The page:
Please allow me to extend my warmest congratulations to you on your assumption of the chairmanship of the Third Session of the Preparatory Committee (PrepCom) for the 2000 NPT Review Conference. Accomplishing the tasks before us will be crucial to the success of the Review Conference, and I wish to assure you of my delegation's full support and cooperation as you lead our work toward that end.
In view of the limited time that has been set aside for general statements, I would like to focus my comments today on the following points:
1) The significance of the Review Conference. in the year 2000; 2) What the Review Conference 2000 should produce in terms of its final documents; and 3) What this session of the PrepCom should be expected to achieve.
I would like to begin by sharing with you my government's thoughts on the particular significance of the Review Conference 2000. 1 say "particular" because it will face two serious challenges-one from within the NPT regime and the other from outside.
The Conference in 2000 will be the first Review Conference since agreement was reached on the indefinite extension of the Treaty in 1995.- At the time that agreement was reached, it was also decided to introduce a strengthened review process. The 2000 Conference will thus provide the first opportunity to evaluate the effectiveness of that process in improving the implementation of the treaty. The results of that evaluation, and the Conference's response to it, will to a great degree determine the credibility and effectiveness of the NPT as a mechanism for achieving nuclear non-proliferation and disarmament.
The Conference will also be expected to respond to the challenge posed by the nuclear tests conducted by India and Pakistan last year. Although adhered to by 187 countries, the NPT regime has never been able to claim total universality; the nuclear tests by India and Pakistan demonstrated its incompleteness in the starkest possible manner. It will be incumbent upon the 2000 Review Conference to address that challenge unequivocally. Unless it does so, the cohesion among the States Parties could be seriously weakened and the viability of the regime threatened.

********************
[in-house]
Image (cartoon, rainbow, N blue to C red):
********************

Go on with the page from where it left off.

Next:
The Review Conference 2000 will thus to a great extent determine the future of the NPT. We must therefore respond to the challenges before us with a sense of urgency and do all we can to ensure the success of the Conference.
This leads me to my second point, namely, what documents should we expect the Conference to produce?
The derision on "Strengthening the Review Process for the Treaty" states in paragraph 7 that "Review Conferences should look forward as well as back." I am pleased to note that a consensus seems to be emerging on producing two documents at the 2000 Conference that reflect these tasks. That is, a forward-looking document containing new principles and objectives, and a document reviewing the implementation of the NPT during the last five years.
As for the document containing new principles and objectives, at the First PrepCom, Japan submitted a working paper in which it stated its position that "a revision of the document on 'Principles and Objectives' would not be desirable, since it was the product of arduous negotiations pursued at the 1995 Review and Extension Conference and it stands on its own. Rather, it is important to strive to agree on a new set of objectives."